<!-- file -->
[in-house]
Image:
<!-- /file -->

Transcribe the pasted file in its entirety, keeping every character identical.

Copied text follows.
[in-house]
Image: